The debate, which will start on Wednesday, is on a bill to amend the Electoral Act, 2010 to specify that card reader should be recognised as a voting device.
The bill is listed against a member from Kaduna State, Mr. Simon Arabo.
A copy of this week’s Notice Paper gave the title of the bill as, “A bill for an Act to Amend the Electoral Act, 2010 to, among other things, make our electoral process more credible by making the use of card reader, the credible means of voter accreditation and voting and enhancing transparency and efficiency in the conduct of free, fair and credible elections; and for related matters.”
The card reader has generated controversies since it was tested during the 2015 general elections.
Most of those opposing the use of the card reader argued that it was not recognised by the Electoral Act.
Incidentally, the House had in May 2016 passed a similar bill for second reading and referred it to the Committee on Electoral Matters for further legislative action.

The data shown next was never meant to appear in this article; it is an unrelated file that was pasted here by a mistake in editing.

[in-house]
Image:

The committee, which is headed by a member of the All Progressives Congress from Gome State, Aisha Dukku, conducted a public hearing on the bill.
It is unclear whether the House will go ahead to hold a fresh debate on the new bill by Arabo on Wednesday or simply resolve that it should be dropped.
In 2016, the sponsor of the first bill and the Leader of the House, Mr. Femi Gbajabiamila, had told the House that since the Supreme Court had declared the card reader illegal due to non-inclusion in the Electoral Act, the law should be amended to cover card reader.
He had stated, “The card reader has proven in recent elections to check multiple voting and other irregularities. It should be part of the Act.”
However, there were suggestions by some members on the way out for future polls.
For instance, the Minority Leader of the House, Mr. Leo Ogor, told members that it was better to go all out for electronic voting as against limiting it to the card reader.
“The card reader too has shown that it is not perfect. So many eligible voters could not vote during the 2015 polls just for the fact that the card reader failed.
“If we allow a system that disenfranchises voters, it does not improve our electoral process. We are rather going backwards.
“We should go for electronic voting. People can vote any time at any point without necessarily crowding in one location,” Ogor added.